- saw a friend's bike break to pieces
- learned a very painful (and expensive) lesson in giving up. Remember: Pain is temporary, quitting is forever
- all the races I did badly last year, I did well this year (PD and Desaru).
- the one race I did well last year (Kenyir), I did badly this year. (Since I did badly at Ironman this year, hopefully next year will be good)
- lost several toenails over the season
- I have a perpetual blister on my little toe on my left foot
- personal battle against Azmar: Me 2(A Famosa, Bukit Merah)- Azmar 3 (Kenyir, PD, Desaru)
- personal battle against Bacin: Me 2 (Bukit Merah, PD) - Bacin 3 (A Famosa, Kenyir, Desaru)
- my swim has improved slightly. The times are just slightly faster, but it takes less effort to achive them
- my bike is steadily improving
- my run still sucks
- discovered a miracle cure: Ice. It'll get you through any aches and pains during races
- started this blog
- got plenty of encouragement through this blog
- made a lot of new friends
- unfortunately, lost a friend too
Except for a couple of tragic incidents, I've had a good season.
Next up will be the PCC Interstate, a 330km ride from Ipoh to Penang over 3 days, then some well deserved rest until Hari Raya. Then training starts again for Powerman before going full-on for Ironman next year.
See you all on the road...
Sunday, August 19, 2007
But things got better after that. Had probably the fastes T1 ever and it was on to the bike. The bike leg was simply awesome. Rain started falling midway through the first loop and the crosswinds were killer. At times, I was nearly pushed off the road by the winds. The deep dish wheels I was using didn't help much. But by the end of the first loop, the rain had cleared up and conditions were much better. I finished the first loop in one hour flat, the second in 58 minutes and the final in 1h04m, for a total time of 3h02m02s, over an hour faster than last year's 4h05m51s. Of course the cooler conditions helped a lot this year. Last year it was so hot, my skin was bubbling from the heat.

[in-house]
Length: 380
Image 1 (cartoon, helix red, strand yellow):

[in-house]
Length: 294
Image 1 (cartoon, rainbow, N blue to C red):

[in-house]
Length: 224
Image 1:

Looking fast on the bike
Senn going aero
My T2 time was slow because my race belt decided to fall apart on me. As I was running out, I found my belt around my thighs. A quick look showed me that the buckle had come off. Spent two minutes trying to get it back together. Hastily put it back on and it was on to the run.
Race belt sorted, it's off for the run
It took me about 5km to get my running legs but and all the people I overtook on the bike were overtaking me again and just pulling away like I was standing still. But I kept on running the entire first loop. At this point, my initial target of sub-8 hours was modified to sub-7 hours. The second loop was a run/walk, mostly running. In the end, I came home with a run time of 2h33m47s for a total time of 6h48m16s. Much much better than last year's 8h35m35s.